improv comedy with an audience member


Philly Improv Theater News

April 2, 2015

If you've never had the chance to see Matt&, you're really missing out. Matt Holmes is a instructor at PHIT and has been improvising in Philly pretty much as long as there has been improv in Philly.

His amazing show is a duo between himself, and someone who has never done improv before. What you get to see is someone who is able to take a regular, normal person, and make them look like an improv superstar through sheer scenework and support. We asked Matt a few questions about his show and how it all got started.

PHIT: For those who don't know, what is your improv training and experience?

Matt Holmes: Like a lot of improvisers, I got a taste of short-form games in college and then stepped into the world of long form, montages, Harold, etc. I had the opportunity to spend a lot of time evaluating the ins and outs of improv with my group, Rare Bird Show.

My training is more like a self-made improviser than any particular curriculum; I never did the levels at Second City or UCB or anywhere. I pre-date taking classes at PHIT.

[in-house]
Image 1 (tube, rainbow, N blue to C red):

We were able to get some expertise from UCB Theatre people coming down to our area and then to hit a lot of festivals around the country, workshopping with a wide range of top-tier improvisers. Since then, I've been doing a lot of individualized study. I've been performing, teaching, and directing improv since '98 and have performed in like nine states and Canada.

PHIT: How did the concept for Matt& start?

MH: The idea just kind of hit me, and I thought it'd be cool. I liked how it felt like a short-form approach to longform, interactive.

The first few times really surprised me how well it went. It just kind of clicked into place and fit me. Since then, I've advised five or six people who wanted to try similar shows.

PHIT: What makes a good Matt& partner? How do you choose them?

MH: I always start by asking if anybody's seeing improv for the first time. I usually get somebody that way, trying something different or brought by a friend who is more familiar with improv.

It's funny; people who don't know improv think that there's always a lot of audience participation, but my show is the rare time when that'll happen.

Short answer: anybody.

PHIT: What have been some of your favorite moments from the show?

MH: I like when my partner opens up, starts playing more actively, or feels comfortable enough to share what comes to mind.

I like when we stumble onto something really interesting, surprising, complex, emotional-those moments that you'd like in any improv show-but then I remember that it's an audience member improvising.

Don't miss Matt&, this Sunday at 7:00 pm, at the Philly Improv Theater.